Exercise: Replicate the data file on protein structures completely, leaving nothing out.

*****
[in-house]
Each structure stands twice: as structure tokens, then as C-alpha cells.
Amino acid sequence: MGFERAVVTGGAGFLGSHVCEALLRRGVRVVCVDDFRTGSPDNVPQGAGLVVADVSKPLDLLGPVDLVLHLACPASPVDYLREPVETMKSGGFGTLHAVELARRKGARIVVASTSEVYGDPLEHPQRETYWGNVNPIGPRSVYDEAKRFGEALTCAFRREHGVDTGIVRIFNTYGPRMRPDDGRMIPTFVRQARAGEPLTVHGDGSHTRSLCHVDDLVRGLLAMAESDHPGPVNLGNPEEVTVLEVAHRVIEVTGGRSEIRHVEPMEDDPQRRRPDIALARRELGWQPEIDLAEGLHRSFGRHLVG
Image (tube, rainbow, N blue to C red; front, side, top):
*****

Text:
[in-house]
Each structure stands twice: as structure tokens, then as C-alpha cells.
Amino acid sequence: MGFERAVVTGGAGFLGSHVCEALLRRGVRVVCVDDFRTGSPDNVPQGAGLVVADVSKPLDLLGPVDLVLHLACPASPVDYLREPVETMKSGGFGTLHAVELARRKGARIVVASTSEVYGDPLEHPQRETYWGNVNPIGPRSVYDEAKRFGEALTCAFRREHGVDTGIVRIFNTYGPRMRPDDGRMIPTFVRQARAGEPLTVHGDGSHTRSLCHVDDLVRGLLAMAESDHPGPVNLGNPEEVTVLEVAHRVIEVTGGRSEIRHVEPMEDDPQRRRPDIALARRELGWQPEIDLAEGLHRSFGRHLVG
Image (tube, rainbow, N blue to C red; front, side, top):